What Philip Pullman describes as an “equel” – a story that extends the His Dark Materials trilogy with a complementary narrative – has become the fashion for continuing entertainment mega-franchises aimed at an initial audience of children.
George Lucas’s original three Star Wars films have been expanded backwards, forwards and sideways, while JK Rowling’s stage play Harry Potter and the Cursed Child – soon heading for Broadway after breaking box-office records in the West End of London – fills in some of the long gap between the boy wizard’s farewell to Hogwarts Academy and the enrollment of his children in the school.
From the sparse details released so far, it seems that Pullman’s newly announced The Book of Dust trilogy – the first volume of which will appear on 19 October – will similarly explore the childhood of his heroine, Lyra Belacqua, before readers met her at Jordan College, Oxford, in the first His Dark Materials book, Northern Lights (known in the US as The Golden Compass).
Pullman and Rowling’s solutions to a common literary dilemma – balancing an audience’s desire for more of the same with a writer’s desire to try something different – continue a long synchronicity between the two authors. The latest example is the introduction of dramatist Jack Thorne, who (with Rowling and John Tiffany) wrote Harry Potter and the Cursed Child, and is currently adapting His Dark Materials for a BBC television version.
Thorne’s double duty feels appropriate because these narratives, rivals for the minds of recent generations of young readers, have constantly overlapped. Pullman and Rowling both began publishing their serial novels shortly before the millennium, and rapidly gained an adult audience as well. Each story involved an 11-year-old child who, in a supernatural universe existing alongside our own, is required to risk their life in order to defeat evil forces.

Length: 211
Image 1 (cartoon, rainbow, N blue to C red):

Although Harry is explicitly a quasi-Christ figure and Lyra a sort of Eve, both stories have been criticised by Christians for, in Rowling’s case, supposedly endorsing witchcraft and, as Pullman stood charged, for making the evil empire against which Lyra fights a specifically religious force, complete with a name – the Magisterium – that was historically applied to Roman Catholicism.
Although Pullman’s attack on the Vatican proved prophetic – as news stories of the last two decades increasingly showed, a percentage of the church’s priests have indeed been a grievous threat to children – one of the fascinations of The Book of Dust will be whether Pullman makes the metaphor broader. The suppression of dissent and enforcement of orthodoxy that the Magisterium represents are certainly still to be found in the Roman church, but also in the fundamentalist branches of American Christianity and Islam. Ideological crackdowns are to be found as well in the UK and US in political and academic institutions on a spectrum from right to left. Without letting the popes off the hook, Pullman might usefully hang others beside them.